And as to the most important part of your comment - HAPPY 100th TREATMENT day, to you!!!!  I would totally have baked you a cake and had a Timmy with you!!  Salud!! You rock!!  Love you bunches...from a fairly cold Chatt town.  (Do I get to claim being cold if it's 34 degrees????) - c


No, you can't claim cold at 34 degrees F. With wind chill they are calling for temp between -30 to -40 degree Celcius over the next day or so!!! -40 degrees celcius = -40 fahrenheit. They have charts up on the news with how many minutes it will take to get frost bite, at the various temps. The good news is the Ottawa out door canal is going to be in great shape for skaters!!!  

So do you think that adjuvant therapy (other than the dreaded interferon) would affect you differently if you had a few cells in your sentinel node versus finding a node clinically?  You .61mm lesion wouldn't qualify and in the upteen years I've been on this site, it is again a very rare situation to have that size lesion have a positive node.  My two (.58mm/.88mm) didn't have positive nodes - well at least I don't think so given I'm 25 and 16 years out with no SNB.  Heck, the SNB didn't exist for my first one.  I guess I'm just asking you do you think the outcome -- for most -- would be different if they found they were stage III via SNB versus waiting for a clinical diagnosis with an enlarged node?   There is still a subset of warriors who do nothing more than CLND and still have complete response.  I understand that a smaller tumor burden is always ideal when it comes to treatment but many who've had a CLND later have still only had a single node affected.   Micro vs macro - how much difference does it make with the new adjuvant therapies.  Something I've always pondered....

There are at least two key points that you addressed, Janner:

1.  Many (in fact, MOST!!!) folks with a thin melanoma NEVER progress and live fabulous, long lives with no further issue with melanoma no matter if they do an SLNB (sentinel lymph node biopsy),  much less a CLND (complete lymph node dissection).

2.  We now have a ton of data that confirms that all patients respond best to treatment with the least possible disease burden/tumor volume.

First and foremost, especially now (unlike when I was diagnosed in 2003) given the fact that there ARE adjuvant treatment options, it seems super important to determine if you are dealing with Stage I melanoma vs Stage III.  If you ARE Stage III and do not know do not even get to have the discussion of whether or not to do a CLND or adjuvant treatment.  There are many reasons not to do either one of those....but if you don't know you have a positive are not even having the conversation.  Likewise, monitoring for a Stage I melanoma patient is very different from that of a Stage III patient.  Insurance companies will not cover scans you and your doc may want you to have down the road if Stage III status was not documented through SNLB.  Additionally, though the risk of a positive node in thin melanomas is about 5%, many folks will feel much more reassured to KNOW that their SNLB was in fact, NEGATIVE.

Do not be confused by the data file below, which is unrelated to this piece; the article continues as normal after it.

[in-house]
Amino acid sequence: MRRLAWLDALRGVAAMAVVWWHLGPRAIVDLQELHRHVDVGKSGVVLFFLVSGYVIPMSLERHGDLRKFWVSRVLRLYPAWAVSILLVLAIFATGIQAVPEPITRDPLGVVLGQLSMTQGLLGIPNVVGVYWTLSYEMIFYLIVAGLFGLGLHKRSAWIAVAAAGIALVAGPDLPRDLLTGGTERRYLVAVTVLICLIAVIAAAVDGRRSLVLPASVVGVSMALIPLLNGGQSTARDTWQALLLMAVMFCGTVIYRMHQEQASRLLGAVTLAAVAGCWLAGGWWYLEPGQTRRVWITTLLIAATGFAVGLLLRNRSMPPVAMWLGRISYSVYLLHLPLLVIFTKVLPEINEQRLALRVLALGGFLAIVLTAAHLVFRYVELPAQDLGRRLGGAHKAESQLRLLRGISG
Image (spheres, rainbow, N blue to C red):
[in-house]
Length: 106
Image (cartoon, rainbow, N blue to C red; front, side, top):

From a public health perspective, you have to balance the risk, expense and benefit of 19 negative SNLB's against the risk, expense and benefit of the one positive result in this population of 20 patients with thin melanomas.  I would argue that the benefit of knowing that you the one Stage III patient, out of those 20 peeps, outweighs the risk and cost experienced by the 19 who learn that they are not Stage III.  However, that is a subjective decision and hinges on the individual's tolerance for risk.

Using my own case as an example, I think the guidelines are not specific enough.  Given the particulars of my situation (being younger than 40, etc) and all the many melanoma facts I've learned over these almost 18 years, I suspect that my risk of a positive node was more like 10-15% than the 5% that is touted.  While knowing I had a positive node and it's removal didn't do anything for me in 2003 or 2007 given the barren landscape of melanoma treatment options at that time....if I were to gain that information TODAY, it would make a world of difference in my treatment options and possibly the course of my disease.  Just imagine, if in 2003 after a 0.61mm cutaneous lesion and a positive node I had had adjuvant nivolumab.  Perhaps I would not have gone on to develop a second primary lesion and avoided all the fun and games of brain and lung mets.  As it is, I had nivo after being rendered NED with surgery and radiation (last dose in June of 2013) and thankfully have remained NED.  And to answer your specific question, I think YES!, learning you have a positive node, despite a thin cutaneous lesion, would make a difference for a significant number of individuals, given current treatment options and the fact that waiting for a clinically apparent disease occurrence is much worse prognostically.